On the surface, the fact that Gloucester’s February jobless rate dipped back under the 10 percent mark — where it had been in January and where it has lived in both January and February in some recent winters past — should be seen as a good sign.
But there are a number of troubling signs within the latest figure reported by the state’s Executive Office of Labor and Workforce Development. And they run beyond the fact that Gloucester’s unemployment rate remains nearly 50 percent higher than the state average, and that the 9.9 percent rate is actually up once again from the 9.7 percent figure reported from the previous year.
Amid the other statistics, the February report — as noted in Monday’s Times — shows that the number of people counted as being in Gloucester’s documented workforce declined between January and February, as it did on a lesser scale in Cape Ann’s towns as well. And that’s significant, given that state and federal labor figures are based on federally-reported figures that can track only the number of unemployed within the context of the recognized work force.
As analysts have often noted, a decline in an overall workforce figures can often spotlight a gap in the reporting system — there is no statistical means of documenting people who are, in fact, still jobless, but who have fallen off the unemployment benefit rolls and are therefore no longer statistically tracked.
That’s a scary prospect, in that it clearly suggests Gloucester’s jobless rate is higher than the figures show. And it’s even scarier given that the so-called “day or reckoning” the city’s and New England’s groundfishing industry, as NOAA regional administrator John Bullard has termed it, threatens to sideline virtually all of the local groundfishing boats in just 2 1/2 weeks, with cuts of 77 percent in allowable Gulf of Maine cod landings and other dire cuts in other stocks as well due to take hold May 1.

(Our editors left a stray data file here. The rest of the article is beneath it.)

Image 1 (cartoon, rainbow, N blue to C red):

All of this should indeed raised the urgency for Gloucester’s newly fortified development department — headed by former Salem city development manager Tom Daniel, and Harbor Development director Sara Garcia — to aggressively reach out to potential companies who have shown interest in coming to Gloucester, and to local firms who might be mulling expansion.
It should once again give city officials pause to once again consider pressing for an easement of state Designated Port Area restrictions along the waterfront, whether privately held sites on which current owners would consider expansion, and especially for the city’s I-4, C-2 site, where the DPA restrictions no doubt continue to scare away potential bidders. And it should once again show the need to examine what’s not happening along the waterfront, thanks to an albatross of a city Waterways Board that has still not opened up the harbor through allowing more moorings and providing more user-friendly land services for recreational boats.
With the May 1 fishing time frame looking, many have suggest that date marks a true crossroads for the industry in this city and elsewhere.
These labor numbers suggest Gloucester’s overall economy may be approaching that type of crossroads as well.